It was moon-light, and the earth sparkled
With new-fallen frost.
It was midnight and not a soul abroad.
Out of the chimney of the court-house
A gray-hound of smoke leapt and chased
The northwest wind.
I carried a ladder to the landing of the stairs
And leaned it against the frame of the trap-door
In the ceiling of the portico,
And I crawled under the roof and amid the rafters
And flung among the seasoned timbers
A lighted handful of oil-soaked waste.
Then I came down and slunk away.
In a little while the fire-bell rang —
Clang! Clang! Clang!
And the Spoon River ladder company
Came with a dozen buckets and began to pour water
On the glorious bon-fire, growing hotter,
Higher and brighter, till the walls fell in,
And the limestone columns where Lincoln stood
Crashed like trees when the woodman fells them…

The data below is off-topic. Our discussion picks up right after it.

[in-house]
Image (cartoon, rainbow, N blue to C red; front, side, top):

When I came back from Joliet
There was a new court house with a dome.
For I was punished like all who destroy
The past for the sake of the future.

Analysis, meaning and summary of Edgar Lee Masters's poem Silas Dement

Leave a Reply

Your email address will not be published.

Do you have any comments, criticism, paraphrasis or analysis of this poem that you feel would assist other visitors in understanding the meaning or the theme of this poem by Edgar Lee Masters better? If accepted, your analysis will be added to this page of American Poems. Together we can build a wealth of information, but it will take some discipline and determination.